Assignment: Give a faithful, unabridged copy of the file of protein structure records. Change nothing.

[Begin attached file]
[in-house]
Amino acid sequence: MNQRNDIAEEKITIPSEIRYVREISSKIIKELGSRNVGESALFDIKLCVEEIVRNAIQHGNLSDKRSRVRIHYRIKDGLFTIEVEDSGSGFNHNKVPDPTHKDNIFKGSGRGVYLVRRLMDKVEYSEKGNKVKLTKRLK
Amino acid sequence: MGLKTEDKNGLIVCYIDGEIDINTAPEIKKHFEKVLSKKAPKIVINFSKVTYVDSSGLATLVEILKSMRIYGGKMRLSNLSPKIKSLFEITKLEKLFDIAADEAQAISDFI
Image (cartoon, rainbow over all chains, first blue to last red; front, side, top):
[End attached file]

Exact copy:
[in-house]
Amino acid sequence: MNQRNDIAEEKITIPSEIRYVREISSKIIKELGSRNVGESALFDIKLCVEEIVRNAIQHGNLSDKRSRVRIHYRIKDGLFTIEVEDSGSGFNHNKVPDPTHKDNIFKGSGRGVYLVRRLMDKVEYSEKGNKVKLTKRLK
Amino acid sequence: MGLKTEDKNGLIVCYIDGEIDINTAPEIKKHFEKVLSKKAPKIVINFSKVTYVDSSGLATLVEILKSMRIYGGKMRLSNLSPKIKSLFEITKLEKLFDIAADEAQAISDFI
Image (cartoon, rainbow over all chains, first blue to last red; front, side, top):